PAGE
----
• Park at the far end of the lot and walk
  • Instead of remaining seated during breaks, stand up or take a short walk.
  • Get a fitness tracker and aim to reach at least 2,000 steps a day. The goal is 10,000 steps per day.
  • Ride a stationary bike while reading a magazine or watching television.

3. Increase daily water intake

You know you need to hydrate — but it’s essential for your health. Dehydration can cause a feeling of fatigue, increased heart rate. Severe dehydration can result in mood change, cause your body to overheat, and lead to constipation and kidney stones.

Drinking enough water each day can help improve skin tone, boost your energy, relieve constipation, and even aid in weight loss.

Here are some recommendations to make drinking water a part of your routine:

  • Drink a glass of water first thing when you wake before eating anything. Many time our thirst mimic hunger. Drinking water helps calm down thirst, and you do not consume any calories
  • Drink a glass of water with each meal. Once you associate an action step with the current routine, there is more chance for it to stick.

4. Get enough sleep

Early to bed, early to rise, makes a man healthy, wealthy, and wise.

– Mr. Benjamin Franklin

Sleep is essential to our health, and when you turn in early and wake up early, it’s incredibly beneficial. Poor sleep is associated with a greater risk of depression and anxiety, impaired memory, reduced immune system functioning, and weight gain [5].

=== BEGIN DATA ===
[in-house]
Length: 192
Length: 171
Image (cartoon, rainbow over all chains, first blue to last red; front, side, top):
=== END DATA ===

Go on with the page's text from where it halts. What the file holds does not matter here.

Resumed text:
There are many reasons why people don’t get enough sleep. One must focus on their schedule and lifestyle to find out the best ways to improve their sleep quantity and quality.

Decreasing screen time before bed, reducing light pollution in your bedroom, cutting back on caffeine, and getting to bed at a reasonable hour are some simple ways to improve sleep hygiene.

5. Practice meditation

Meditation is an evidence-based way to promote mental well-being. It may be beneficial for people who have anxiety or depression [6].

Meditation is not all about sitting in a lotus pose and looking at the candle. You can do mindfulness meditation as simple as coloring. These mandala coloring books are a great start to doing meditation in a fun way.

When you live in harmony with your spirit, appreciating all of life and what you have, you discover more joy and kindness in the world. Miracles happen everywhere all the time, but only those who follow the Law of Gratitude seem to notice them.

Here is how one can relax your mind and stop worrying.

6. Lower your alcohol consumption

Alcohol is not needed to have fun. Why not make lowering your alcohol consumption a healthy goal to improve your health?

If you feel stressed, find other healthier options to relieve stress (exercise is excellent). Alcoholic beverages provide calories but few nutrients.

Contact your healthcare provider or locate a virtual treatment program if you want to stop alcohol completely. Cutting down alcohol will lower calorie intake and provide more health benefits than weight loss alone. This is one of the essential achievable health goals.